In the post-mortems I've taken part in, one of the components of the report is:
What happened, and when did it happen?
Which includes a timeline. Timelines are incredibly useful for debugging process faults and providing context to people reading it long after it happened. Since humans are responding to whatever happened (if not kicked it off entirely), there will be references to humans in it. However, indirections that mention a role like an operations engineer are preferred.
Depending on the severity of the incident undergoing review, there may be chat-logs, tickets, and code-commits attached to the post-mortem as artifacts. Those will by definition name-names. The point of the blameless post-mortem is to keep the tone of it from assigning blame directly, and to avoid where possible assigning it indirectly. Indirect blaming is entirely cultural, though.
You can't stop people from assigning blame in their heads, but you can avoid assigning blame in the report. Also, by not including extensive membership in the post-mortem archive during performance reviews. If someone wants to assign blame, make them work for it.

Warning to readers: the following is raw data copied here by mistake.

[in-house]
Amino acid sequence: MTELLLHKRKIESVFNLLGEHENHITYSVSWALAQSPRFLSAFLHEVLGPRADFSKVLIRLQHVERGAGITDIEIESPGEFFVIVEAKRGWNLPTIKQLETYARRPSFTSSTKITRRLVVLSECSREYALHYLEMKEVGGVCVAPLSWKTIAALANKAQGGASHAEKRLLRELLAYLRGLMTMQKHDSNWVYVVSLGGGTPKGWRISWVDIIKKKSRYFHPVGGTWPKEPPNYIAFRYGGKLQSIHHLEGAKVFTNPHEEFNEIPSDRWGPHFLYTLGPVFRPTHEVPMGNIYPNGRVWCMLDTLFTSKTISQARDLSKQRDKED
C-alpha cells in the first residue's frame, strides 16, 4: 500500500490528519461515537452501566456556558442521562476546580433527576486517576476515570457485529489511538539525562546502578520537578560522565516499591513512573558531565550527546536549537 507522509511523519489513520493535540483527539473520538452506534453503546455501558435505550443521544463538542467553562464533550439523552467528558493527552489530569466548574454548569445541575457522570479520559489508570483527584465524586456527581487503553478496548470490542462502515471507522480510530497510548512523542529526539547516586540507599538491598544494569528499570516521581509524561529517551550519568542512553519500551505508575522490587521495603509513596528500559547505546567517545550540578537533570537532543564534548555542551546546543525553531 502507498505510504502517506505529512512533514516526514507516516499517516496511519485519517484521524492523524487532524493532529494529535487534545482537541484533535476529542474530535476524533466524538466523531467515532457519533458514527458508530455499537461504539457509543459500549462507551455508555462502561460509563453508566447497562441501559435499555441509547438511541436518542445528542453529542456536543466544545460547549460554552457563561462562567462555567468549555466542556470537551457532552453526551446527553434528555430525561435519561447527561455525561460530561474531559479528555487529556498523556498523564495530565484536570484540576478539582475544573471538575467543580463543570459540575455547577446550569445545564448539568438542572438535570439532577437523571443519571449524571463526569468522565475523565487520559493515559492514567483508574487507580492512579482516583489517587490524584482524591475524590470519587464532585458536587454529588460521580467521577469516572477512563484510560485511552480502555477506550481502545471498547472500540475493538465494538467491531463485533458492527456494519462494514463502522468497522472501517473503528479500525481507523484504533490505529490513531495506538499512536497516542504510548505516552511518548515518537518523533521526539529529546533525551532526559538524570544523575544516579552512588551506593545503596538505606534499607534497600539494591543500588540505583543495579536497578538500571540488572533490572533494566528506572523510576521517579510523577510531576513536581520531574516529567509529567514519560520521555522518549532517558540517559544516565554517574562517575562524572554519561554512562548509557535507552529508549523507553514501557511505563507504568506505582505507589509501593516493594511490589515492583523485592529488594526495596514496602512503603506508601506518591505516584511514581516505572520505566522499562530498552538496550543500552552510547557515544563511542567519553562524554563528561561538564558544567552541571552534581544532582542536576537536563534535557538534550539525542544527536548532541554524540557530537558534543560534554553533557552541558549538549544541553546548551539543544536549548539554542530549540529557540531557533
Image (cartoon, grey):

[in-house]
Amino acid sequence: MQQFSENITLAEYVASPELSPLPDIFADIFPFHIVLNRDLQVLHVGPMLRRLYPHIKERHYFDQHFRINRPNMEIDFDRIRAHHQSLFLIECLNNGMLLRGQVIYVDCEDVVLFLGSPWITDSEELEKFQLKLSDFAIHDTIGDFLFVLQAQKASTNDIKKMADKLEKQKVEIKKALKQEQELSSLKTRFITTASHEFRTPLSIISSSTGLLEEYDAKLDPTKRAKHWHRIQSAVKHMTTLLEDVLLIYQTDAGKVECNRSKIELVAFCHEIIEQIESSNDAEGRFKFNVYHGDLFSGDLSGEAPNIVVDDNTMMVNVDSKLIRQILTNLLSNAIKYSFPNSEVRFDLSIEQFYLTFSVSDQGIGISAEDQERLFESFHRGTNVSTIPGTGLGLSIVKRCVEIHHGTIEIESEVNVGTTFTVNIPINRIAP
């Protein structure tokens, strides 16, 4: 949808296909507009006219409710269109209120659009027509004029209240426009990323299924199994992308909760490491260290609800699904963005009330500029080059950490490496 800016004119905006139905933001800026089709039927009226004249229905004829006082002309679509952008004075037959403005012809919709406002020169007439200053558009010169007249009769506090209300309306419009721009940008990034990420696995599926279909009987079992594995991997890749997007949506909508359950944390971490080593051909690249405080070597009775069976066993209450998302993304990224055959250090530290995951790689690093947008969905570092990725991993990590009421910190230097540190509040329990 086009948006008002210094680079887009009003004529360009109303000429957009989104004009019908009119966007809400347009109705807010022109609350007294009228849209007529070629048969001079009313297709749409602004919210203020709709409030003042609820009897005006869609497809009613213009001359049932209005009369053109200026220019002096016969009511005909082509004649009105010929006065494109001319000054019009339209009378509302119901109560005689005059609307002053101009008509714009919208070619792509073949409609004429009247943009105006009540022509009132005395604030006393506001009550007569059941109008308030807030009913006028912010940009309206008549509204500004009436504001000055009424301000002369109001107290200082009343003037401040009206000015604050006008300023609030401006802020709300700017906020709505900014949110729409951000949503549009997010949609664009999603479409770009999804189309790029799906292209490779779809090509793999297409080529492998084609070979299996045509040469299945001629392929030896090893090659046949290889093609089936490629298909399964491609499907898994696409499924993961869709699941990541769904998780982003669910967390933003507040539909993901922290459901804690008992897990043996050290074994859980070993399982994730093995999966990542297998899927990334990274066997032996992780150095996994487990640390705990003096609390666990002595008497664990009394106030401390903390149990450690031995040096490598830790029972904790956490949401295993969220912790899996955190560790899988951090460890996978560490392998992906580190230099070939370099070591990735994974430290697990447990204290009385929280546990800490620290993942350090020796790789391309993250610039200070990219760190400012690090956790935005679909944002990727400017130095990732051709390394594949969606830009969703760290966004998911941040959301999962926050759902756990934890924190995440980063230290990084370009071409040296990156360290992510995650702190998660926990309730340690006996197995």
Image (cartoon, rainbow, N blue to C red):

The other area where names sometimes come up in the report itself is in the short and long descriptions of what happened.
NAME merged to master before authorized, triggering a CD pipeline. While attempting to prevent the unauthorized change from reaching production, NAME caused the CD system to be mistakenly recycled stopping all deploy pipelines for six hours.
Which is clearly blamey. Compare this to:
A Release Manager merged to master before authorized, triggering a CD pipeline. The mistake was realized immediately. While attempting to prevent the change from deploying, the CD system was destroyed by accident. Restoration by the CD team took six hours.
A certain kind of nerd will notice that this is very passive-voice. You can tell those nerds that this is very much intentional. Passive-voice has been the voice of deflecting blame for a very long time now, so go ahead and passive it up.
Mistakes were made.
Yes, indeed. And which nebulous, not well defined people were involved in this?
A Release Manager.
Doing what, vaguely?
Merging to the master branch of a project.
And what, unspecifically, did they do in response to this?
Broke the deploy system.
What, generally, was the impact of this?
The deploy pipleine system was unavailable for a period of about six hours.
And how was this rectified?
The CD team rebuilt the pipelines.
Very good. Now give me some action items.
- A process should be put in place to prevent merges to master before authorization.
- A circuit-breaker should be introduced in the deploy pipelines to allow a build to be safely blocked.